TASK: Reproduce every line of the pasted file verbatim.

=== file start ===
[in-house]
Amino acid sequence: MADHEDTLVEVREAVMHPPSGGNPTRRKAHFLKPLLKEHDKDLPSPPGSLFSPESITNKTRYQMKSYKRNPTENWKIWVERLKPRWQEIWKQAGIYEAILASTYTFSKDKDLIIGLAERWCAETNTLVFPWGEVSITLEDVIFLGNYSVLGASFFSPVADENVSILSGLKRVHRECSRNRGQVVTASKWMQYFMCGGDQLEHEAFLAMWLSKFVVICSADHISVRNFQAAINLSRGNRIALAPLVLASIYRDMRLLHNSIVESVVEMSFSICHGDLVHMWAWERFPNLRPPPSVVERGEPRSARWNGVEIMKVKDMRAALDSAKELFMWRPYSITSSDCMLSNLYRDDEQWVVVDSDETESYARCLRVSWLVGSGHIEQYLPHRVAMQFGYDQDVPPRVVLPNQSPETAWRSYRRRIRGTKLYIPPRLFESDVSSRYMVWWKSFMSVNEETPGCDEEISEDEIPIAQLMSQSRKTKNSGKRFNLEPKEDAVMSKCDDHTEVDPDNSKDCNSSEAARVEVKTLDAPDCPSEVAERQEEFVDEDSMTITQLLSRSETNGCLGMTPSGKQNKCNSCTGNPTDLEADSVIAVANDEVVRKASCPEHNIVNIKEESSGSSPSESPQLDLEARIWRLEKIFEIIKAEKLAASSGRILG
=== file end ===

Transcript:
[in-house]
Amino acid sequence: MADHEDTLVEVREAVMHPPSGGNPTRRKAHFLKPLLKEHDKDLPSPPGSLFSPESITNKTRYQMKSYKRNPTENWKIWVERLKPRWQEIWKQAGIYEAILASTYTFSKDKDLIIGLAERWCAETNTLVFPWGEVSITLEDVIFLGNYSVLGASFFSPVADENVSILSGLKRVHRECSRNRGQVVTASKWMQYFMCGGDQLEHEAFLAMWLSKFVVICSADHISVRNFQAAINLSRGNRIALAPLVLASIYRDMRLLHNSIVESVVEMSFSICHGDLVHMWAWERFPNLRPPPSVVERGEPRSARWNGVEIMKVKDMRAALDSAKELFMWRPYSITSSDCMLSNLYRDDEQWVVVDSDETESYARCLRVSWLVGSGHIEQYLPHRVAMQFGYDQDVPPRVVLPNQSPETAWRSYRRRIRGTKLYIPPRLFESDVSSRYMVWWKSFMSVNEETPGCDEEISEDEIPIAQLMSQSRKTKNSGKRFNLEPKEDAVMSKCDDHTEVDPDNSKDCNSSEAARVEVKTLDAPDCPSEVAERQEEFVDEDSMTITQLLSRSETNGCLGMTPSGKQNKCNSCTGNPTDLEADSVIAVANDEVVRKASCPEHNIVNIKEESSGSSPSESPQLDLEARIWRLEKIFEIIKAEKLAASSGRILG